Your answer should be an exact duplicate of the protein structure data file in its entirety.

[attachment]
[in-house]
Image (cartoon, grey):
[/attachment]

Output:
[in-house]
Image (cartoon, grey):